If it was just the alternator no reason he could not have used the
battery from the car to start it, and plug in a battery charger to
keep it up and run the ignition. (Unless you mean the BIG alternator
---in which case he WAS screwed.
Unless outages are more frequent that they are around here, I think the
substantial PITA factor of deploying two portables is more than
compensated for by the reliability factor of a much simpler setup.
I started out with a single portable (2kw) because our house cruises on
800-1200 watts. Got the second one for redundancy - but being able to
run the big microwave, the toaster, and/or the coffee maker is a
A few more years and I may have a change of heart... but that's the way
I see it now.
On Sunday, July 19, 2015 at 9:08:26 PM UTC-4, (PeteCresswell) wrote:
if you ever vacation in the winter where things can freeze.you will regret the day you didnt get a automatic standby generator.
as your cleaing up and dealing with frozen smashed toilets, frozen dishwasher, frozen washing machine etc etc.....
if you have a boiler for stem heat, it will be very worse.....
if you get a auto standby geneator that doesnt stop you from buying a portable too.
and with all the computer hacking the feds have admitted our power grid can be attacked.
so add in someone intentionally turning our power off:(
That just means it worked the last time you tested it - and if you
didn't test it for 6 months you'd still know it ran the last time you
tested it. I've heard a LOT of noise about the permanently installed
Generac air cooled units being total junk. Like not working 2 days
after a test run, when the power goes out. And not lasting as long as
a cheap Briggs and Stratton.
On 07/19/2015 11:12 PM, email@example.com wrote:
I've got a 6-year-old 16k Generac and never had a problem with it.
Every summer we get a really nasty thunderstorm that knocks out
power for 72 hours. Generac has saved the day every time.
That being said, I also had a power inlet installed so that I can easily
attach a portable...if I ever need. ;-)
FWIW, back in the good-old-days (before deregulation), the power lines
were cleared of trees and the power never went out.
We didn't need no stinkin' generators.
I was "walking the lines" one winter after a major storm had cut power
for many, many people. (everybody in the company who could be spared
and who was willing got trained on how to "walk the lines" and spot
problems after a storm).
One guy started ranting at me about how he had never, ever, in his whole
life seen power outages like he saw when he moved here.
"Where did you live before coming here?"
"Lotta trees in Saudi Arabia, are there?"
I guess one nuke detonated high up could shut down a good share of the
U.S. Wouldn't one have to have a huge supply of fuel on hand if that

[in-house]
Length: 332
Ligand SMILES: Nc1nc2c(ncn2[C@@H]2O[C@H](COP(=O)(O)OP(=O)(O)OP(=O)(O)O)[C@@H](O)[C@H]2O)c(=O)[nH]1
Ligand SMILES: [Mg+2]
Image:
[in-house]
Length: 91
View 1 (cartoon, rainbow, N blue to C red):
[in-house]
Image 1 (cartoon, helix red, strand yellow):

I imagine it would take some time to get anything up and running again.
I've heard Texas is on it's own as far as power goes.
Using Opera's mail client: http://www.opera.com/mail/
My vacationing days are over - but I take your point.... had not thought
OTOH, when we did leave the house we learned to drain the water system
before leaving. The lesson that taught us that was the #1 daughter's
copper plumbing suddenly springing multiple pinhole leaks from something
to do with the character of their water... they weren't away and it
wasn't winter... but if they were away the house would have been nearly
But five days of freezing temps even without water in the system? I
can't think anything good could come out of that.
I have a tri-fuel Champion unit at the house and a dual fuel (propane
and Gasoline) at the office. If you are going to test run them, run
them long enough to get them fully warmed up and the battery
replenished from starting - or better to just leave them sit. Properly
stored, a Propane or NG powered unit should be OK sitting for several
YEARS without starting, as long as the battery is properly maintained.
A 440CC engine might be a bit challenging to start with the rope
starter when cold and the fuel system not primed.
A gasoline unit would need the fuel freshened every once in a while.
Store the unit dry and keep a supply of ethanol free fuel on hand -
kept fresh by rotating into your road vehicle or other regularly used
The office unit has 2 30 lb propane bottles sitting waiting, and a 20
lb BarB Q tank with however much happens to be left in it at any time
as a spare.
The home unit runs off NG, but I have the adaptor to also run off
Propane if required and I generally have at least 1 20 lb tank on
hand, as well as a few gallons of Gasoline for the
lawnmower/snowblower etc which can be pressed into use if required.
I start them twice a year to test, and that's more than adequate
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